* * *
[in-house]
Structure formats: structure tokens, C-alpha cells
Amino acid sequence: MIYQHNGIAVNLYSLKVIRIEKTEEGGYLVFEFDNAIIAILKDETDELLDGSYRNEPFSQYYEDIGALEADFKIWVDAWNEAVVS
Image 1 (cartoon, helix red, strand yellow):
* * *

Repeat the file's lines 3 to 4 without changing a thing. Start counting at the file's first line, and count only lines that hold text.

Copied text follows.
Amino acid sequence: MIYQHNGIAVNLYSLKVIRIEKTEEGGYLVFEFDNAIIAILKDETDELLDGSYRNEPFSQYYEDIGALEADFKIWVDAWNEAVVS
Image 1 (cartoon, helix red, strand yellow):